During the week, the relentlessly on-message Kevin Rudd repeated his lines about ‘working families’:
The other big challenge is offering help to working families under financial pressure. Mr Howard just said he understood that, well that’s the same Mr Howard who said that working families had never been better off.
And the ACNielsen poll at the end of the week suggests that the public believes him, with 59% agreeing with the proposition that ‘John Howard has lost touch with working families’.
It’s not often that I agree with Clive Hamilton, or he with John Howard, but the Australia Institute has published some interesting ABS and HILDA-based research on just how well ‘working families’ are doing (as usual with Hamilton’s work, it gets a good report in Fairfax papers).
On average, the real disposable income of couples with kids went up 40% in real terms between 1994-95 and 2005-06, considerably more than the 28% increase recorded across the whole population. There were above-average increases across all the income quintiles for couples with kids, with the lowest gain of 35% in the second-highest quintile. General prosperity and very generous family benefits from the ‘out of touch’ Howard mean that, financially at least, families never have had it so good.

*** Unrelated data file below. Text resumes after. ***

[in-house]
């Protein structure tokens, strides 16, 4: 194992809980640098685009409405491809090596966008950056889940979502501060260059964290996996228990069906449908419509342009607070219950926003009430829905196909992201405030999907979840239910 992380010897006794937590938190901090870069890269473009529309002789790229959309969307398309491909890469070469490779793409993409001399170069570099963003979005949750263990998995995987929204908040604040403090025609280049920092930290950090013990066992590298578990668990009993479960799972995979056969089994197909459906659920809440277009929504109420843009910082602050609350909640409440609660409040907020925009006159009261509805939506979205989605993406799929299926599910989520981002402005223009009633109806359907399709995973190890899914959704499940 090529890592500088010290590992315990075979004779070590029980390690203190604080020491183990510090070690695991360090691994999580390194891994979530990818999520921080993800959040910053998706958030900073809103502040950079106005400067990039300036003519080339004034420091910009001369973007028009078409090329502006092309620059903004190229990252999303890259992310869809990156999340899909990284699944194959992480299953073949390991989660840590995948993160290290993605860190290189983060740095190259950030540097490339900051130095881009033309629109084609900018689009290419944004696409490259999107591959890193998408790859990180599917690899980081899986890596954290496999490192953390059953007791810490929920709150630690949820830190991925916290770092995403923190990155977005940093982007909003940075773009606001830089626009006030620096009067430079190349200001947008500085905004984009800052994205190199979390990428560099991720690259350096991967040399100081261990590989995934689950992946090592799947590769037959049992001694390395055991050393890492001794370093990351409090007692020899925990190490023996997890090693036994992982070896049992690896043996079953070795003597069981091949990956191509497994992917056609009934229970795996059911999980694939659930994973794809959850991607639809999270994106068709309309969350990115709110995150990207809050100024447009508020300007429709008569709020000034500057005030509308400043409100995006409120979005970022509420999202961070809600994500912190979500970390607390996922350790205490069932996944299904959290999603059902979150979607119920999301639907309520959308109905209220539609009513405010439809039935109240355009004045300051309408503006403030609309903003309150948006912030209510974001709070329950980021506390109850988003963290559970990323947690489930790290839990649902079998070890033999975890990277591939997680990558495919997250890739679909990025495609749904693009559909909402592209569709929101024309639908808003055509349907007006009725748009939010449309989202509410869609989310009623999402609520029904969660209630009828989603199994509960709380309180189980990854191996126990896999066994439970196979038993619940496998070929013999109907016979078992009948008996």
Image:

The working families doing-it-tough message is, I think, the key mistake of the Labor campaign. Not that it will harm the ALP’s immediate electoral prospects – to the contrary, it will probably add seats to their likely victory – but it is creating expectations that cannot be met, not even with the me-too tax cuts. Though ‘working families’ will almost certainly on average be even more affluent in three years than they are now, Rudd is fanning such an inflated sense of entitlement that ‘working families’ will be disappointed with their gains.